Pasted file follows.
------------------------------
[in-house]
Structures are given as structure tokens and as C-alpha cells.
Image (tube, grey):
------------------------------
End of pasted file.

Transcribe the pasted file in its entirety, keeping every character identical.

[in-house]
Structures are given as structure tokens and as C-alpha cells.
Image (tube, grey):